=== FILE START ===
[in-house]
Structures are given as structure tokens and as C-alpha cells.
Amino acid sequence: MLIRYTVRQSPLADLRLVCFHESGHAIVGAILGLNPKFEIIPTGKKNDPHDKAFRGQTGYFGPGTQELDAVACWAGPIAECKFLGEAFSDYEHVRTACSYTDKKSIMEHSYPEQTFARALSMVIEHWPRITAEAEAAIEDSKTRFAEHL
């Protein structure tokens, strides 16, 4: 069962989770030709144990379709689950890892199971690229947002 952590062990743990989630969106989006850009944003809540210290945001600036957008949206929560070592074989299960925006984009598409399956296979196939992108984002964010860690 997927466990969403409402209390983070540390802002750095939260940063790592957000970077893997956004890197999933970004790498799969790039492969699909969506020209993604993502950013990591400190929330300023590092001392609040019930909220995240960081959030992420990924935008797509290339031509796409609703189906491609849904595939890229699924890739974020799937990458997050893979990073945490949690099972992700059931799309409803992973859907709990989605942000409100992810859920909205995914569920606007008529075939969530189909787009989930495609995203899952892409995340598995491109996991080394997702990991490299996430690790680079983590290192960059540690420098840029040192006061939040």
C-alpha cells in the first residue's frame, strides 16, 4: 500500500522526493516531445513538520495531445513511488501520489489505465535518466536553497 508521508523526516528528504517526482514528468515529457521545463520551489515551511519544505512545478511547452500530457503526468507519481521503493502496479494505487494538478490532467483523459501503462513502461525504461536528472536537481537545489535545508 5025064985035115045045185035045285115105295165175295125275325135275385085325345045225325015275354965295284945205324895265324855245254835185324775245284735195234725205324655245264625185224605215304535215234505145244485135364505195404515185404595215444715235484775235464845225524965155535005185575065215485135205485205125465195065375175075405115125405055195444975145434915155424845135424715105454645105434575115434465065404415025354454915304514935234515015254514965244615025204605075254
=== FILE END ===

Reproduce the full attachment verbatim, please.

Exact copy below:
[in-house]
Structures are given as structure tokens and as C-alpha cells.
Amino acid sequence: MLIRYTVRQSPLADLRLVCFHESGHAIVGAILGLNPKFEIIPTGKKNDPHDKAFRGQTGYFGPGTQELDAVACWAGPIAECKFLGEAFSDYEHVRTACSYTDKKSIMEHSYPEQTFARALSMVIEHWPRITAEAEAAIEDSKTRFAEHL
């Protein structure tokens, strides 16, 4: 069962989770030709144990379709689950890892199971690229947002 952590062990743990989630969106989006850009944003809540210290945001600036957008949206929560070592074989299960925006984009598409399956296979196939992108984002964010860690 997927466990969403409402209390983070540390802002750095939260940063790592957000970077893997956004890197999933970004790498799969790039492969699909969506020209993604993502950013990591400190929330300023590092001392609040019930909220995240960081959030992420990924935008797509290339031509796409609703189906491609849904595939890229699924890739974020799937990458997050893979990073945490949690099972992700059931799309409803992973859907709990989605942000409100992810859920909205995914569920606007008529075939969530189909787009989930495609995203899952892409995340598995491109996991080394997702990991490299996430690790680079983590290192960059540690420098840029040192006061939040």
C-alpha cells in the first residue's frame, strides 16, 4: 500500500522526493516531445513538520495531445513511488501520489489505465535518466536553497 508521508523526516528528504517526482514528468515529457521545463520551489515551511519544505512545478511547452500530457503526468507519481521503493502496479494505487494538478490532467483523459501503462513502461525504461536528472536537481537545489535545508 5025064985035115045045185035045285115105295165175295125275325135275385085325345045225325015275354965295284945205324895265324855245254835185324775245284735195234725205324655245264625185224605215304535215234505145244485135364505195404515185404595215444715235484775235464845225524965155535005185575065215485135205485205125465195065375175075405115125405055195444975145434915155424845135424715105454645105434575115434465065404415025354454915304514935234515015254514965244615025204605075254